With war on the horizon, many plantation owners pulled up stakes and headed for Texas. Thousands of slaves were force-marched or taken to Texas by ship from as far away as Maryland. Others were imported directly and sold at auction in South Texas markets.
In 2013, I discovered this blurb about William Woods Downs, a 3rd GGU of mine. But only yesterday – 22 Aug 2017 was I able to fill in the blanks.
In 1854 he, in the company of one William Fort, took a trip to Texas and looked at land possibilities. He clearly liked the prospects because he, his immediate family, and all other Downs Family members, relocated to Texas by wagon in 1855. Once in Texas, the family first spent time in Indianola, now a ghost town located on Matagorda Bay in Calhoun County, before settling briefly in DeWitt County.
At some point actually unknown to me, but probably during on his first visit or while in Indianola, he purchased land in Brazos County which he sold while living in DeWitt County and the family, along with 100 slaves, moved near to Waco in McClennan County, where he again set up a cotton plantation.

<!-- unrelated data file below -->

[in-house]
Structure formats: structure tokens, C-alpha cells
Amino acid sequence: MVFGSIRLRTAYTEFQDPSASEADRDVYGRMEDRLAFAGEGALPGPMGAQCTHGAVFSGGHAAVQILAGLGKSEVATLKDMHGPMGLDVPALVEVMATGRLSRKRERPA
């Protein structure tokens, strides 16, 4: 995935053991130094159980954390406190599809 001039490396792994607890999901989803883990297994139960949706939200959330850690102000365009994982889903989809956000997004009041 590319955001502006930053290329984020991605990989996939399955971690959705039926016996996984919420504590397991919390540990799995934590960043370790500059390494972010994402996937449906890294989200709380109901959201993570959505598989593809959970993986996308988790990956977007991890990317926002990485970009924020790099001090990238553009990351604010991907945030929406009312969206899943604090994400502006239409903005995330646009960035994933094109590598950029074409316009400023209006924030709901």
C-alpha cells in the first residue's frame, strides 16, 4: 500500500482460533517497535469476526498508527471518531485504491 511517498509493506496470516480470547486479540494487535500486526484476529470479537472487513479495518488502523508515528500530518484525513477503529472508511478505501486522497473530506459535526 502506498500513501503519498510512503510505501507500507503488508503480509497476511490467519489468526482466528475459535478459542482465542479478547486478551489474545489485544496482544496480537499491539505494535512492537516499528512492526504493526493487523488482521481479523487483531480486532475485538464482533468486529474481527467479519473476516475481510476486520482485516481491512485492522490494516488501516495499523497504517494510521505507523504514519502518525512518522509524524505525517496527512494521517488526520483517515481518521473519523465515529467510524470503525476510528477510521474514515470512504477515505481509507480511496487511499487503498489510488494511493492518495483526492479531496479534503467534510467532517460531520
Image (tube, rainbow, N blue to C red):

It’s not definitely known where William obtained his slaves since the great majority of slaves in Texas came with their owners from the older slave states. But there was a slave market in Indianola which peaked in 1852 and I think it safe to say William brought none into Texas with him. It’s also not clear what he paid for his 100, but between 1850 and 1860 when land was selling for about $6 an acre, the average price in for a slave on the Indianola market steadily rose from $300 to $ 800, which means that he had to have arrived with $30,000 to $80,000 cash on hand.
When the war ended, there was nothing he could do in the way of sale of his plantation holdings because there was longer a lucrative market for either land or cotton. Protected by his own accumulated wealth and with freedmen immobilized by General Gordon Granger’s orders dated 19 JUN 1865 and 28 Jun 1865 he chose to parcel it out, possibly on condition of some sharecropping arrangement or possibly as estates in fee.
But, what about his son John Wesley Downs? What’s he got to do with anything? Why would both he and his father be honored by the renaming of the community of freemen from Price to Downsville some thirty years later?
Well, that remains a mystery..
William Woods Downs